Imagine that a rat has come to expect a limited daily access time to a desired good and that it has no way to save it for future consumption. Intuitively, you might think that the shorter the expected access time to the good, the faster the rat will consume it. In other words, the rate of consumption should be inversely related to the daily access time to the good (at least within a certain range of time values).
In this elegant study, the authors report the opposite outcome in rats self-administering cocaine. Rats did not self-administer cocaine at a lower rate but instead at a higher rate when they expected a long (6h) versus short (1h) daily access time to the drug. Importantly, when rats had no way to predict whether access time to the drug will be short or long, they self-administered cocaine as if they were expecting a short access time!
How to make sense of these rather unexpected findings? To address this question, we will probably have to address first the following other questions: Is the positive relationship between rate of consumption and access time reported in this study TYPICALLY observed with other goods or is it specific to cocaine self-administration? What does this relationship tell us about how and what do rats exactly learn in this sort of differential access time setting? Does it imply that rats have a longer future time horizon than previously thought (i.e., hours instead of minutes)? I hope that future research will shed some light on these different questions.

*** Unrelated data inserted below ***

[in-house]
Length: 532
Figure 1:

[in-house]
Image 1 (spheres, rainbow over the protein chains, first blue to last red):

This clever study shows that responding for cocaine-associated cues can be entirely and persistently abolished by canceling out cocaine-induced long-term plasticity at hippocampal and cortical synaptic inputs to D1R-expressing neurons in the nucleus accumbens. Importantly, the latter feat was achieved by acutely co-opting endogenous mechanisms of synaptic plasticity using astute optogenetic-based LTD protocols.